Even though I don’t have much experience designing and building software, one philosophy that has always worked for me was “end-to-end, iterate.”

The idea is to build an entire end-to-end framework for the software project and then add the features that make the project in subsequent iterations. This should happen before you make an MVP and is not a replacement for traditional iterative development models but something that complements it during the initial phases.

Let me explain.

Recently, I started working on a pure client-side search library called soek using TinyGo and WebAssembly. The goal of building this was to 1. learn how to work with WebAssembly and 2. because I use a client-side search library in my blog website.

Having little to no prior experience in WebAssembly, I had no clue where to start. Still, having written Go code primarily in the last four years, I decided to pick Go and use the TinyGo compiler to optimize the size of the Wasm binaries. Going through some documentation and tutorials, I set up a basic web app using a Go/Wasm binary and some JavaScript glue code.

With this, I can proceed to build my project, but now I can choose how to proceed. I could either:

  1. Learn about search algorithms, figure out what algorithm I should use, implement it, and then package it into a client-side search library.
  2. Or I could build a library with a naive search, build an example site that uses this library so that it is easy to iterate, open source the repo and write a readme, and then learn about search algorithms and gradually improve the library.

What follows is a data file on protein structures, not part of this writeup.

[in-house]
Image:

I chose the latter.

The first step was to write the Go code for the search. The goal was to not write a robust, efficient, and effective search algorithm (that comes later) but to write a very naive algorithm that can perform a search.

My naive algorithm just takes an index and a search term and checks if that term is present and, if so, at which element of the index. All it does is string comparison; the result is a list of documents containing the string in no particular order—very naive, very ineffective.

But it serves the purpose!

Next, I wrote the JavaScript glue code that wraps around the Go/Wasm code that end users can use. This code exports functions that users can use to add search to their websites.

Now, how do I test it? Of course, I could test the Go code independently, as it is the brains of the project, but that would be incomplete. So, following my philosophy, I built an example website that uses this library.


Initial iteration of using soek. See: github.com/pottekkat/soek/example

It uses the exact search index from my personal blog and has a UI that shows the search results. I think it is pretty neat.

To make things easier, I created a Makefile (now scripts in package.json) with steps to compile and compress the Wasm binary and generated Go code. Now, all I have to do is test the example site, and I can see how the library would work for an end user at the first step!

I had always planned to open source the project. So, even with this sucky project, I decided to open source it on GitHub. I went the whole nine yards by writing a readme and choosing a license.

I have a project that works end-to-end, even though it sucks. The next step is to iterate on the project and make it into something usable.

I’m learning about search algorithms, which is interesting. To test it, I can just switch my naive search with these actual algorithms and directly see how it would work end-to-end because of the complete framework I have set up.

What I mentioned here is also nuanced. This is a relatively small personal project and I have no clear plans on how to proceed with the project. Applying this philosophy might feel good in such scenarios but might be wildly unpopular when you tell it to your manager during your next sprint.

However, using it across side projects and while working on smaller projects at work has proven to be quite effective in getting things out there, however imperfect they may be, and iterating on them to make them better. And as you know, it is better to do something imperfectly than to do nothing flawlessly.